Joining Kruger as producers on the miniseries are Straight Up’s Marisa Polvino, Kate Cohen, and Sandra Condito, and Untitled Entertainment’s Abi Harris and Jason Weinberg. Rose Ganguzza, Gene Kelly, Rhodes, and philanthropic organization Alfred P. Sloan Foundation are collaborating to exec produce the project. The Sloan Foundation, which supports developments in science and technology, is also bestowing Kruger with a screenwriting development grant for the project.
Alexandra Dean’s documentary “Bombshell: The Hedy Lamarr Story” debuted at the Tribeca Film Fest earlier this year. The majority of the doc’s funding came from the Sloan Foundation. “I spent years profiling inventors and innovators for Bloomberg Television and Businessweek, but I never heard a life story that came close to Hedy’s,” Dean told us in an interview. “I suppose it also particularly resonated for me because as a short, quiet woman who always wanted to be a director, I know a little about what it’s like to want to do something that no one expects you to do.”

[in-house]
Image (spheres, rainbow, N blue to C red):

Another story about women’s previously-unrecognized contributions to science recently rocked the box office. “Hidden Figures” grossed over $230 million worldwide. The Oscar-nominated drama shone a spotlight on Katherine G. Johnson (Taraji P. Henson), Dorothy Vaughan (Octavia Spencer), and Mary Jackson (Janelle Monáe), brilliant women of color who played an instrumental role in the space race while working at Nasa.
“In the Fade,” in which Kruger portrays bereaved wife and mother seeking revenge, will open in Germany November 23. The drama was recently acquired by Magnolia Pictures with a planned awards-qualifying run for this fall, but no U.S. release date has been announced. Kruger won the Best Actress award at Cannes this year for the film.